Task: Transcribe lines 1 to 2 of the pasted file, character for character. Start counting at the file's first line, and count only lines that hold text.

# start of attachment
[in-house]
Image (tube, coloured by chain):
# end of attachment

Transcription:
[in-house]
Image (tube, coloured by chain):